Do you remember the first story you ever wrote?
The first story I ever wrote was when I was ten years old. I re-told the story from the 1976 L.A. Summer Olympics about a man who stopped the American flag from being burned in the stadium. I changed the characters and drew pictures to illustrate it.

"The characters always take on a life of their own [...]"

Tell us about your writing process. Do you have a writing routine?
I start with an idea for the basic plot. For the Cranberry Hill Inn series, I knew there would be a story around its inheritance by the character Katy, and then Katy’s best friend Summer coming to live there, and a third story about Summer’s brother Carson. For each book, I find an image online that matches what I see in my imagination, and then develop the character. I write an in-depth backstory, and then try to figure out what their flaw or challenge is when it comes to love. I do this for the main characters—I even explore what their D.I.S.C. personality profile is! After that I sketch out the major plot points and beats of the story, and then start writing. The characters always take on a life of their own, and I’ve learned that they write a better story than I plot for them! The development process takes about a week, and then I write about 3,000 words a day.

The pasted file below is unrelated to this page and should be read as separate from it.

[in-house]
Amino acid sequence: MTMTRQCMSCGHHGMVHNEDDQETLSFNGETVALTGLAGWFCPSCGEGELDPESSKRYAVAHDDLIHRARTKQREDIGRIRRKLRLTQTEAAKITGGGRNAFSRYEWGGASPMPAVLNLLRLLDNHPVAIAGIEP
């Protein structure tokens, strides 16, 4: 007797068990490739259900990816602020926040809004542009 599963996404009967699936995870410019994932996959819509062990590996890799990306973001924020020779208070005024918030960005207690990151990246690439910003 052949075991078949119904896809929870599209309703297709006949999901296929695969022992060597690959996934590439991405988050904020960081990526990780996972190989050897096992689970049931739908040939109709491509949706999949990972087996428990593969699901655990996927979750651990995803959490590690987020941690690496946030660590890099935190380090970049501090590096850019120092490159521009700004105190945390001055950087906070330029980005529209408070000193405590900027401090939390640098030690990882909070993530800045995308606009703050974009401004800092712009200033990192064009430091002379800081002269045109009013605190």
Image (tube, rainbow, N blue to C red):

Please, describe your desk/workplace.
We converted a bedroom into my workspace, with washed oak hardwood and cozy area rug under my desk. It faces north, so I get the afternoon sun. But often I’ll drive to nearby Lake Padden (I live in Bellingham, WA) with my laptop and a coffee and either sit outside at a picnic table or sit in my car if it’s raining and plunk out my word count.

"The hardest part for me is writing love scenes."

What do you find easiest about writing? What the hardest?